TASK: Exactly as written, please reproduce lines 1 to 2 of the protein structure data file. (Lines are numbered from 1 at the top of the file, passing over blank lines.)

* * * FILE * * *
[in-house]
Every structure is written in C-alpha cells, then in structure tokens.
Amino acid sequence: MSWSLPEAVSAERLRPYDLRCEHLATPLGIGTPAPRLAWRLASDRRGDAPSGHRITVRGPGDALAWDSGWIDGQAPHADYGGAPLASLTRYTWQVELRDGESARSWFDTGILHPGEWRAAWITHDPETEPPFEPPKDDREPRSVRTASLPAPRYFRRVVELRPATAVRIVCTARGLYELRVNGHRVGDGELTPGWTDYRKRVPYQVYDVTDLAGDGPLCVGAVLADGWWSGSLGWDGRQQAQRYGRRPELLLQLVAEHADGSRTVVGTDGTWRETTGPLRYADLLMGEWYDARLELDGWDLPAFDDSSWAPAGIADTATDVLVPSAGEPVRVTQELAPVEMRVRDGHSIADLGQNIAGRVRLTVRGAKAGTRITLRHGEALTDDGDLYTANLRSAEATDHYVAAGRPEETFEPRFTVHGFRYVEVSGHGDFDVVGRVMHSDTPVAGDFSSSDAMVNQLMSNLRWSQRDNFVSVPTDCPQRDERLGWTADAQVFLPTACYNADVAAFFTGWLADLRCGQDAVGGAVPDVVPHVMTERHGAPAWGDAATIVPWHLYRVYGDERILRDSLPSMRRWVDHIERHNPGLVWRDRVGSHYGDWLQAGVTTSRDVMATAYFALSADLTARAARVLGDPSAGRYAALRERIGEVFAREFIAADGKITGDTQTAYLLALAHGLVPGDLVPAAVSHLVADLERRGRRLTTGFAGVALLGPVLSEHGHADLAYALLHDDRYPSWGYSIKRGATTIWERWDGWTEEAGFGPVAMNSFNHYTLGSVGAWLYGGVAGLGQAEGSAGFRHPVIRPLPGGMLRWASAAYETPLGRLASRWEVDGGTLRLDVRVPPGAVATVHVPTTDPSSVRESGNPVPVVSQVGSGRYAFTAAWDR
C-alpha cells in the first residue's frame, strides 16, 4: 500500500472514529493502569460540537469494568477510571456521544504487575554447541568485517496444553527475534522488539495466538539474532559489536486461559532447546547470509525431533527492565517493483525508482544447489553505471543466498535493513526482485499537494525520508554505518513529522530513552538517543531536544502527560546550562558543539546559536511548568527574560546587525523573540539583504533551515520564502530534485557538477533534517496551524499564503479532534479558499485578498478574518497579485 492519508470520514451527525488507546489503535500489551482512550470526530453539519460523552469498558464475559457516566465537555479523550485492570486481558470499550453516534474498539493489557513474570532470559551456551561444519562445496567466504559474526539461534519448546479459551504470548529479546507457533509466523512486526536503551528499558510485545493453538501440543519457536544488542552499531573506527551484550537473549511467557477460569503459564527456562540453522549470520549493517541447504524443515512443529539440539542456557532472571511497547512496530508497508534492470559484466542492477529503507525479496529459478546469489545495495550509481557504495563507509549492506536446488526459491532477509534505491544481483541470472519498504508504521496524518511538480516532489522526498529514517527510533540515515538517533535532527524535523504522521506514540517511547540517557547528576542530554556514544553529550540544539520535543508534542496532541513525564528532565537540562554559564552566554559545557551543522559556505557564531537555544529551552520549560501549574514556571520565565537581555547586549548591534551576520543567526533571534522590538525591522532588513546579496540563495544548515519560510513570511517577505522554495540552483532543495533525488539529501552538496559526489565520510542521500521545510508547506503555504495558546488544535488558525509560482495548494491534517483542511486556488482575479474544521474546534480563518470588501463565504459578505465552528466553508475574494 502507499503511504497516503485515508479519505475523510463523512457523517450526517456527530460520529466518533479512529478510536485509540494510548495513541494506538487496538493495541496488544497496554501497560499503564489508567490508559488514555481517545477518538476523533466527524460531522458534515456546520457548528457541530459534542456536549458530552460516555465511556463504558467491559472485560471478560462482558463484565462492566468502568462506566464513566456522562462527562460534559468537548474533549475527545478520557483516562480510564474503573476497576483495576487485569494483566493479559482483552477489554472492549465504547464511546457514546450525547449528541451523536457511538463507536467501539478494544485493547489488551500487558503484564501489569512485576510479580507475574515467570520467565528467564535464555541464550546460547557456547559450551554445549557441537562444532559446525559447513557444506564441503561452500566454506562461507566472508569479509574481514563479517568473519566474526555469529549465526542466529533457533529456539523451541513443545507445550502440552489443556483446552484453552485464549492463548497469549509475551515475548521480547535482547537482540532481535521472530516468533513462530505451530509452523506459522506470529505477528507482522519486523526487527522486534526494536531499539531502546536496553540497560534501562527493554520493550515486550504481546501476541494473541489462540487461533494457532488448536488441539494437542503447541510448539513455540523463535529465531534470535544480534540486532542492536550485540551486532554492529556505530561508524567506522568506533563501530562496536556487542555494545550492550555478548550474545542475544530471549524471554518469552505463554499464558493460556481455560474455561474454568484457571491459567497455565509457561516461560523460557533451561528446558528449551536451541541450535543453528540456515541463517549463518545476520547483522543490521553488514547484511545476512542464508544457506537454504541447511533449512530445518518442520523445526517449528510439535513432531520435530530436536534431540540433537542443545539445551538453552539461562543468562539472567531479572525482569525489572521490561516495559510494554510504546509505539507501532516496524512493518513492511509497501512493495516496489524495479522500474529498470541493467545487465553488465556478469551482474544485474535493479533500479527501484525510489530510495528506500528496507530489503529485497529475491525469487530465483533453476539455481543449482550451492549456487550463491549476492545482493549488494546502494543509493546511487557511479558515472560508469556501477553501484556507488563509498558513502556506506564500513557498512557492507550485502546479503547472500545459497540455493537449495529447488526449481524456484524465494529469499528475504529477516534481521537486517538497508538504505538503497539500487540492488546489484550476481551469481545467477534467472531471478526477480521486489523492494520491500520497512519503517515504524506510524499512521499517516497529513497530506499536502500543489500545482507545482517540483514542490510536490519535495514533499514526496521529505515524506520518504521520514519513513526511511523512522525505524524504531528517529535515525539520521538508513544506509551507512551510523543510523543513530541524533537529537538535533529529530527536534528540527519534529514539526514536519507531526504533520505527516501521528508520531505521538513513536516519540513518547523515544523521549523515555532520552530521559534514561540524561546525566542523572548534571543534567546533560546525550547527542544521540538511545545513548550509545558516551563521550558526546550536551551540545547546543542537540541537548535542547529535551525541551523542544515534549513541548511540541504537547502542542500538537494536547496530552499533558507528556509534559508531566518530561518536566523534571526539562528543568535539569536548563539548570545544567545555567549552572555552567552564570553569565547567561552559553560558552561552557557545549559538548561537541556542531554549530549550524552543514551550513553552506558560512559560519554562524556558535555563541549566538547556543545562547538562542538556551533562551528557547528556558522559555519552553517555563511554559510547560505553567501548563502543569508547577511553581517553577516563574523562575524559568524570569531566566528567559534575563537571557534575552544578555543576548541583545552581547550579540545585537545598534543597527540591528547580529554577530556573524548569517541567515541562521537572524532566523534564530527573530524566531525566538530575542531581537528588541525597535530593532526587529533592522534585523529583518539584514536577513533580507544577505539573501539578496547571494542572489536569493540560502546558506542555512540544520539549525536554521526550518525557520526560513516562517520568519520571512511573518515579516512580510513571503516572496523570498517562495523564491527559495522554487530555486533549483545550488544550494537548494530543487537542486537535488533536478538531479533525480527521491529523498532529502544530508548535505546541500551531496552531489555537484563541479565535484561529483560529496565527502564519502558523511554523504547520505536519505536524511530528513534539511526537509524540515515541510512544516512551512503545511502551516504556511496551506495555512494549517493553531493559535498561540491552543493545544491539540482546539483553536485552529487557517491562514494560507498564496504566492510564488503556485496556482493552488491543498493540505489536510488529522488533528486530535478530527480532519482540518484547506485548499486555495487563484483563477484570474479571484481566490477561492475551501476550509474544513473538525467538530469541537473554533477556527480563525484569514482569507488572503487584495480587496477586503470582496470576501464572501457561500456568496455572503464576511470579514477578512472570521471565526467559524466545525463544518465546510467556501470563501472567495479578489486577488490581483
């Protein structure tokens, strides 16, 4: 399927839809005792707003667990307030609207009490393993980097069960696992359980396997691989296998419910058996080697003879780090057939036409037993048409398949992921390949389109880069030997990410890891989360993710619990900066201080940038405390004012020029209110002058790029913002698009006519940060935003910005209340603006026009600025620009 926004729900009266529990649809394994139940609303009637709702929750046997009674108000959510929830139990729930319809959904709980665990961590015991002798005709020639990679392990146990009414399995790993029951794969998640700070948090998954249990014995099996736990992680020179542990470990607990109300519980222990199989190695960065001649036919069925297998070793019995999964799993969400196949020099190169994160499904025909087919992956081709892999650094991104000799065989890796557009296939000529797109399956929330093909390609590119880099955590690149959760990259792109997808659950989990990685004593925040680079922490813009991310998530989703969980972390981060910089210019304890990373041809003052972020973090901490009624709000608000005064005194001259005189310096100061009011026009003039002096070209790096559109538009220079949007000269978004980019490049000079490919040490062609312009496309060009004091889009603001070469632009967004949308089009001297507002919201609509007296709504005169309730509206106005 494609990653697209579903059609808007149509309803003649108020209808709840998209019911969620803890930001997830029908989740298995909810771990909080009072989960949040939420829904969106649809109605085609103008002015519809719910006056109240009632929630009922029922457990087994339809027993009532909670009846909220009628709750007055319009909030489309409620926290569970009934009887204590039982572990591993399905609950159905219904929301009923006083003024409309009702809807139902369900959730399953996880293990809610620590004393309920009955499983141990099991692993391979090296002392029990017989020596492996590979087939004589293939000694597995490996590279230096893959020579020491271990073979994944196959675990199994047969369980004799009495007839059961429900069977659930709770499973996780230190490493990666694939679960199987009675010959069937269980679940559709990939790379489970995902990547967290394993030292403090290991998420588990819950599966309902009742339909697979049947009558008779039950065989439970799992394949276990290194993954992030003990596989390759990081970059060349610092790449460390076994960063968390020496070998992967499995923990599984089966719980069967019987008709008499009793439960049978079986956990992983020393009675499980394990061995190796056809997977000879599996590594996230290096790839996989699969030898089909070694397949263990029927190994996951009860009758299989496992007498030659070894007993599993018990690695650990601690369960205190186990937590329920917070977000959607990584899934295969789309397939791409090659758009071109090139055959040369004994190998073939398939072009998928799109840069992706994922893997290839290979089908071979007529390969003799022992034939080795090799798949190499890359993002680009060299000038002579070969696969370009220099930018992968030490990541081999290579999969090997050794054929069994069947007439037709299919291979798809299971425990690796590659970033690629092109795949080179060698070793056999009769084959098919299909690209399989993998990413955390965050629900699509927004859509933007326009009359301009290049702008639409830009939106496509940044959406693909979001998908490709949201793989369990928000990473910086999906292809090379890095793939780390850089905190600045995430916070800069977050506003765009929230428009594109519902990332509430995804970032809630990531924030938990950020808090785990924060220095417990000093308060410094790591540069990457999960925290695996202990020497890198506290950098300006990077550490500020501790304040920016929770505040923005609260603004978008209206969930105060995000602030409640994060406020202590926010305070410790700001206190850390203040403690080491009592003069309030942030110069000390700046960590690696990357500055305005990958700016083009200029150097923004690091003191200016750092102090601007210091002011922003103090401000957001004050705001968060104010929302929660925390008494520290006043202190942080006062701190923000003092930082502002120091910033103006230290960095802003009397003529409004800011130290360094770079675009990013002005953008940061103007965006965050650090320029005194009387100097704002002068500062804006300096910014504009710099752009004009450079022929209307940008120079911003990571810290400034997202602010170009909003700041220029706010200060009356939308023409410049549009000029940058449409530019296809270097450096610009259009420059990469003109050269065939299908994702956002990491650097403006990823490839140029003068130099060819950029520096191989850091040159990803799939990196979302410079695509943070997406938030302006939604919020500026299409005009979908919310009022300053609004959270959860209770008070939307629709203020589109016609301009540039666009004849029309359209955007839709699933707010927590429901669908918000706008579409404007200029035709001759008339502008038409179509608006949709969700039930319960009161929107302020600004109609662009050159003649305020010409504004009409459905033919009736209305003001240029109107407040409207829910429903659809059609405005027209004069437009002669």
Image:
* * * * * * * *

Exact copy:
[in-house]
Every structure is written in C-alpha cells, then in structure tokens.